Kristina, he talks about storms a lot these days, even when it's warm and sunny. It's mostly out-of-the-blue statements like "I don't like storms" or "It's not going to storm" or "Storm is too loud."

Gretchen, it's interesting because both Kristina and I have written before about how we can often tell that a storm is brewing because of the way that Charlie and Bud are acting. It makes me wonder if the storms are actually causing a physical sensation for him (beyond the fear sensation and the loud noise.) This morning my mom was reminding me that throughout the episode he kept saying "Help Me," which made us wonder if that was his anxiety about what was happening inside his body as much (or more) than what was happening outside the house.

Anonymous said...

The answer to you and Gretchen is yes!I suffer migraines...big time. When a thunderstorm is approaching, I feel anxiety for about an hour, with no other explanation, and then the "throbbing" begins. My neurologist tells me that it is a bio-chemical change that happens with the electro-magnetic change that happens with a thunderstorm.
You know how small dogs are paired with individuals who have epilepsy...they sense the bio-chemical/eletrical change within the body beofre the seizure happens and warn the person. It's the same premise. Some folks are acutely sensitive to the changes and I suspect Bud is one of them. I do deep relaxation and bio-feedback when I can, and it helps.
**If it were to happen at school, I would suggest going into the gym where there are no windows and it's generally insulated enough that you can't hear the thunder.

Anonymous said...

Oh, mom-nos, I had the worst anxiety last night. We were at a church dinner in a hall when it hit. I was trying to determine whether it was situational or not, when we walked outside to see lightning flashing in the distance.
all I could think of as we drove home was your Bud. It was so loud and racous it shook me too.
I hope you have peacesul weather for a while

MOM-NOS said...

fwiw, though I imagine that must be terrible and I'm sorry that you have to deal with it, it's incredibly helpful to hear you give voice to the feelings that I imagine Bud has, but doesn't have words for. Or maybe it doesn't occur to him to describe the feeling because he doesn't know that what he's feeling is different from what other people feel. Either way, it's helpful.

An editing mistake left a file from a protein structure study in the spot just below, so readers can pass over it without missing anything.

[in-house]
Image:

What is biofeedback, and how do you use it?

Anonymous said...

I know this is 'past-due' and you have already received a lot of suggestions, but I keep thinking about you guys and have a couple more possibilites. When my Thomas was scared during his first thunderstorm of the summer, my mom was here, and she sat with him and would name the different thunders with him. "Wow, that was Boom Thunder." "That sounded like Crack Thunder." I think there was also "Rumble Thunder" and maybe one more. He was still a little uneasy, but it helped him to focus on another aspect, and she was teaching him that it's okay.
Another thing that might help is counting. Count how long in between rumbles, and maybe that might help him figure out that they'll go away? The other thing I would do is pray. For Bud and with Bud. I don't know if that's something you regularly do, but maybe he would get some comfort from it.

Anonymous said...

Bio-feedback is a technique that some psychologists or neurologists use to train the body to "do" a particular desired skill through mind over body controls.
For instance, I have been trained to slow my heart rate, ground myself to allow for normal blood flow into the brain reducing the migraine pain. I use music (as it has a deep soothing effect on me) that has waves played over the music. As the music plays, I visualize the vessels in my head opening and allowing blood to flow. I also visualize anxiety as an entity rather than an abstract. Once it "is" something then I can visualize removing it.
I recently saw a news piece from a hospital here in Edmonton where bio-feedback was used to train individuals who have ADHD to control the parts of the brain that cause them to be off task. Through a video game, hooked up similarly to an EEG, the patient concentrates on flying a space ship through space. As the attention wanders, so does the ship and it is only through concentration that the player is able to get the intrinsic rewards built into the game. It is showing tremendous possibilities for individuals with ADHD...with or without use of medication.
For a child with fears or even medical conditions, controlling pain and anxiety can be approached by recalling an event that was happy or pleasurable. Given practice, one is able to remember the pleasing event and bring forth those emotions and physical conditions during a stressful or painful time.
I guess it is almost like a hypnosis treatment. The physician monitors things like brain waves and heart rate and is able to help you achieve that same condition each time. Once you have been trained, then you can do it all on your own.
The neurosurgeon who is doing part of my facial reconstruction wants me to do bio-feedback to eliminate my clenching my jaw and risking refracturing it once it has been healed.
It has lots of possibilities. Hope this gives you a bit of an idea about it. I don't think Bud would necessarily need to verbalize the feeling at first. You could likely identify the feeling for him and begin facilitating an exercise. Eventually he would be able to initialize it on his own...I see dark clouds,must be a storm coming... now I need to go put on my ipod and listen to....